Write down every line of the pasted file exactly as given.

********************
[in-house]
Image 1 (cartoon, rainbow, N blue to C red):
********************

[in-house]
Image 1 (cartoon, rainbow, N blue to C red):